Researchers, funded by Prostate Cancer UK and the Medical
Research Council (MRC), believe they have discovered an entirely
new way of slowing the growth of prostate cancer. The findings,
published today in Disease Models and
Mechanisms, could lead to new and more highly targeted
treatments for the disease in the future.
The research team found that turning on key genes inside
'fibroblast' cells in prostate tumours dramatically reduced the
size of the tumours when grown in mice. Further research is now
needed to confirm that this approach has the same effect on
prostate cancers in humans.
Lead researcher, Dr Axel Thomson, said: "Our previous research
identified a number of 'puppet-master genes' - so called because
they enable fibroblast cells to control the growth of other cells
during the formation of the prostate in the embryo. In this
follow-up study we found that activating these genes in fibroblasts
in tumours enabled us to significantly reduce the growth of
prostate cancer in mice.
"This is an extremely exciting development that has the
potential to form the basis of a revolution in prostate cancer
treatments over time if replicated in humans. By targeting the
fibroblasts that control the growth of the cancer these new
treatments could be both more effective and likely to lead to
significantly fewer side effects."
The findings are part of an ongoing body of Prostate Cancer UK
funded research exploring how the environment surrounding cancer
cells affects tumour growth. It builds on a growing body of
evidence which suggests that the non-cancerous fibroblast cells
within prostate tumours could be a key target for successful
treatments in the future.
Dr Rachel Macdonald, Research Manager at Prostate Cancer
UK, said: "This is an extremely encouraging development which could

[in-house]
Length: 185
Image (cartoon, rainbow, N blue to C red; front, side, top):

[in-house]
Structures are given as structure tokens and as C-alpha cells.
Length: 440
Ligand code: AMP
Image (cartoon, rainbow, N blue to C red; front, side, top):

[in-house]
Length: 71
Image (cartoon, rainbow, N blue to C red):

have positive and far reaching consequences for prostate cancer
treatments in years to come.
"To date, most prostate cancer research has focused on exploring
the cancerous cells within the tumour. By investigating the
behaviour of the non-cancerous cells which control tumour
development the team has been able to make this groundbreaking
discovery. The success of this research so far highlights the
importance of Prostate Cancer UK's decision to fund research
projects that employ more innovative approaches to finding the
answers we so desperately need to beat the most common cancer in
Prostate Cancer UK recently launched its MANifesto, which
included the announcement of its largest research spend to date.
Thanks to the support of The Movember Foundation, the charity
will triple its research spend over the next 3 years to fund £25
million, making it the largest single funder of research into
prostate cancer in the UK.
The study will be available on line at dmm.biologists.org/lookup/doi/10.1242/dmm.010355
Lead author Dr Axel Thomson is also available for interview on
For a full copy of the study in advance, or to set up an
interview please contact Prostate Cancer UK's
Press Office on 0208 222 7633, 07984325001 or email email@example.com
Notes to Editors
Prostate Cancer UK
Prostate Cancer UK fights to help more men survive prostate
cancer and enjoy a better quality of life. We support men and
provide vital information. We find answers by funding research into
causes and treatments. And we lead change, raising the profile of
the disease and improving care. We believe that men deserve
Prostate cancer is the most common cancer diagnosed in men in
the UK. Over 40,000 men are diagnosed with prostate cancer every
year. Every hour 1 man dies from prostate cancer.
African Caribbean men are 3 times more likely to develop
prostate cancer than white men of the same age.
Anyone concerned about prostate cancer can call Prostate Cancer
UK's confidential Helpline on 0800 074 8383 or visit www.prostatecanceruk.org.
The helpline is staffed by specialist nurses and open from 10am to
4pm on Monday to Friday and from 7 - 9pm on Wednesdays.
Medical Research Council
For almost 100 years the Medical Research Council has improved
the health of people in the UK and around the world by supporting
the highest quality science. The MRC invests in world-class
scientists. It has produced 29 Nobel Prize winners and sustains a
flourishing environment for internationally recognised research.
The MRC focuses on making an impact and provides the financial
muscle and scientific expertise behind medical breakthroughs,
including one of the first antibiotics penicillin, the structure of
DNA and the lethal link between smoking and cancer. Today MRC
funded scientists tackle research into the major health challenges
of the 21st century. www.mrc.ac.uk